International Philippine School in Al-Khobar
The imposition of the government of Saudi Arabia of a five percent Value Added Tax (VAT) will affect the Arab nation’s food and beverage industry, petroleum products, rents of commercial establishments, remittance fee, and domestic transportation, among others.
The VAT already resulted in an increase of almost 55 percent in prices of gasoline.
With this, electricity rates will go up to 300 percent.
Overseas Filipino worker (OFW) Raymond Tolosa is already complaining because of a ten percent rise in school tuition this year. He worries it will further increase next year because of additional taxes.
“It’s better to send my children back to the Philippines because it’s more costly to study here,” he said.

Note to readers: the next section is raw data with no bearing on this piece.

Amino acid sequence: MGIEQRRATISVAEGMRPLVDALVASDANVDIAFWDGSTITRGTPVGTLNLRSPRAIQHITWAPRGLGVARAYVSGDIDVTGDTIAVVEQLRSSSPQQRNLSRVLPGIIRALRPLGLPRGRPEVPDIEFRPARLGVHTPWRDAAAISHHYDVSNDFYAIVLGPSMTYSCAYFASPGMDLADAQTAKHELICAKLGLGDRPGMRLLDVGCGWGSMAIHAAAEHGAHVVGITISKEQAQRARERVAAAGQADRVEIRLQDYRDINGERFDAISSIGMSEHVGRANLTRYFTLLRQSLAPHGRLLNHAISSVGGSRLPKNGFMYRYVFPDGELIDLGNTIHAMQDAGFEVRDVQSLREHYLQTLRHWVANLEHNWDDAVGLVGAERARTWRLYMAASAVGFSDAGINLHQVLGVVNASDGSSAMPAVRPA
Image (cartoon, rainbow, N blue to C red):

However, Philippine Ambassador to Saudi Arabia Adnan Alonto noted that some Philippine schools in the Arab country might be exempted from the additional taxes if it can prove that they are community schools.
“For schools that have requested for certification, come here at the embassy… we can assure you that we will release a statement saying you are exempted, ” Alonto said.
Exempted from the additional taxes are residential rents, medicines, and medical equipment.
It was in 2016 when the unified agreement for VAT of the cooperation council for the Arab states of the gulf was released. The Arab Emirates, Bahrain, Qatar, Kuwait, Oman and Saudi Arabia are among the Arab countries that signed the agreement.
The VAT is a financial measure of Saudi Arabia, which will become one of its non-oil revenue sources.
According to Ambassador Alonto, with this development, Filipinos based in Saudi Arabia should learn how to properly save money.
“Filipinos here know how to endure. We know how to strive for our families,” said Alonto — Bong Duqueza | UNTV News & Rescue
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